*Note: Major spoilers may be ahead. You have been warned. Proceed with caution.
Deadpool is not your average “superhero” movie. It is much far from it. It is apparent from the opening credits, which start by listing the cast of the movie with the generic character types one would see in any “superhero” movie, rather than using their actual names – like any generic movie would – a ‘hot chick’, a ‘British villain’, etc…and add that the writers of the movie are the ‘real heroes’. Deadpool, Wade Wilson, is not a superhero, as he acknowledges. Officially he is an antihero, who tries to get revenge on Ajax (or as we and Deadpool like to know him as Francis) for disfiguring his face and body when he was in the process of treating him from late-stage cancer and making him a “superhero” instead.
Deadpool’s humor is quite crude; the entire tone and dialogue of the movie adopt that crude and obscene sense of humor. Though it is overdone, it is quite creative and justified actually. We learn that Wilson’s obscene, perhaps, due to the environment he thrived in: his childhood was rough and he suffered from shocking abuse, and then later he was a combat soldier, then up until recently he was working as a sort of “bounty hunter” (as I’d like to call it, though it is not the most correct description) and sticking up to abused people who require his services to threaten their abusers. His clients would typically see him as a hero, yet he is adamant not to be known as one.
Wilson hangs out at a bar where the bartender is his passive best friend, the guy who provides comic relief in the movie. The bar is full of other “bounty hunters” and strippers/prostitutes – of the latter group he meets the love of his life Vanessa. We see that they fit perfectly because they’re both so imperfect that their imperfections fit together. And though on the surface their relationship may seem generic, it is actually not quite so. Wilson and Vanessa stick together through the rough times and their relationship is not the most rosy one. Sure, there are some “cute” moments between them but that is not what it’s about. Vanessa brings out Deadpool’s vulnerable, hero-like side, which he denies its existence, but we definitely see proof of it when it comes to her. She is most definitely a multidimensional character who is integral to the plot and not the average “hot damsel-in-distress” type.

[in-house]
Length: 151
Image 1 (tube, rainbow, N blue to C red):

What really stands out about Deadpool is that the movie is a parody of its own self, of other movies, and of the movie industry in general. Lately Hollywood has rather turned into a money-making machine; the money economy of Hollywood is strongly guided by capitalism, and it seems lately that movies’ qualities are irrelevant as the numbers become more relevant – producing more movies, movies which the public would be more likely to consume, and so on. Thus, we start to see more sequels, prequels, remakes of classic movies, side-stories, spin-offs, turning animation into live-action, turning live-action into animation (?), borrowing and re-adapting foreign movies, etc…Movies start to seem really similar, predictable even. We start noticing the insipidity of the movies and complain that the newly released movies “suck”.
Sociologist Georg Simmel’s piece “The Metropolis and Mental Life” introduces the phenomenon of blasé attitude which could be applied to the current Hollywood model. The blasé attitude is a psychological state typically acquired by people living in urbanized settings, who are so used to consumption and the excitement of new experiences that all “new” experiences after a while seem dull and repetitive. Acquiring the blasé attitude reveals that you have come to see that things have lost their values and became meaningless. Everything you consume has become so similar that you start to feel a sense of worthlessness. That is quite similar to what is happening with moviegoers, who typically complain that all movies have become similar and not really exciting to go see.
Deadpool provides a breath of fresh air in the midst of Hollywood’s stuffy atmosphere. It is novel enough to have a character who acknowledges that he is a comic-book character who is stuck in a movie and confidently addresses his audience – a phenomenon known as “breaking the fourth wall”. Deadpool shows us that he is a protagonist one can relate to; he makes crude jokes, references pop culture, and does not have a fancy life filled with expensive technology to aid him. He doesn’t take himself too seriously and undermines his own abilities, which seem quite impressive to us. We can easily say that nobody truly, unconditionally likes him except for Vanessa, and he seems to be more of nuisance and self-serving (except when it comes to saving Vanessa) rather than usefully aiding humanity.
Yet, in a way, he does appeal to humanity because sometimes we don’t really a need superhero who we should applaud for saving others from grave danger but just a regular antihero who can show us the impressive chaos of a bohemian, disturbed mental life. And that is something which we desperately need to escape the rigidity and bureaucratization imposed upon us in the “real world” which has, apparently, even seeped into Hollywood – our supposed fantasy haven -and resulted in the systematic production and consumption of regular-type movies.
While Deadpool may include the occasional patriarchal and sexist undertones found in most movies, I believe it is still intentional on part of the writers to include those as almost every aspect of the average contemporary movie is mocked – whether intentionally or unintentionally. Deadpool definitely succeeded in leaving a contemporary, up-to-date footprint amidst the ever-changing digital age it was released in.